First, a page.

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138.2±21.6 vs. 136.5±20.8 km.h-1, -1.1%, P0.05; TS: 126.3±20.2 vs. 124.9±15.3 km.h-1, -0.4%, P0.05). In the literature, contrasting effects of fatigue on tennis serve efficiency have been reported depending on service type, nature of fatiguing protocol or subjects’ characteristics. In the fatigued state, Fzmax was unchanged (P0.05) in FS and SS (1.78±0.30 vs. 1.72±0.29 and 1.60±0.22 vs. 1.65±0.22 BW; -2.9 and +3.8%; before and after the tennis match, respectively). In line with these findings, no significant changes in explosive strength - as measured from squat and countermovement jumps - were observed after a tennis match protocol of the same duration. Unexpectedly, our results also displayed an increased Fzmax (1.62±0.25 vs. 1.75±0.23 BW; +8.2%; P0.001; before and after the tennis match, respectively) in TS under fatigue. Since the ball velocity was unchanged, this stronger lower limb involvement during TS under fatigue might indicate that the contribution of other body segments participating to the kinetic chain (trunk, upper limbs) is modified. This is further supported by the absence of significant correlation between changes in Fzmax and ball velocity (0.03 r 0.62; P0.05) from pre- to post-exercise.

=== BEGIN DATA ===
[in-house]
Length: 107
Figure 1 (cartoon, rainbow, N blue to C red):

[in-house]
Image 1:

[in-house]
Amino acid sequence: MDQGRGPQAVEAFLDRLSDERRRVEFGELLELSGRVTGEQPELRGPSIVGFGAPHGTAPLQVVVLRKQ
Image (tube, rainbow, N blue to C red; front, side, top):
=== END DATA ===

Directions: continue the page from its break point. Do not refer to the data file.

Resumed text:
Conclusion After a prolonged tennis match, ball velocity remains unchanged while the effects of fatigue on the lower limb drive are different according to the service type. This indicates a modification in inter-segments coordination that requires further kinematic and kinetic analyses coupling.
13:00 - 14:00 Poster presentations PP-TT05 Training and Testing 5
APPLICABILITY OF THE YOYO INTERMITTENT RECOVERY TEST LEVEL 2 FOR THE ASSESSMENT OF REPEATED HIGHINTENSITY RUNNING CAPABILITY IN YOUTH PROFESSIONAL SOCCER PLAYERSMUKHERJEE, S., CHIA, Y.H.M.